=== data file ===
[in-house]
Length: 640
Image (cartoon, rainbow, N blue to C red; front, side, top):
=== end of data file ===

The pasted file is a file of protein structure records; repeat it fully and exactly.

[in-house]
Length: 640
Image (cartoon, rainbow, N blue to C red; front, side, top):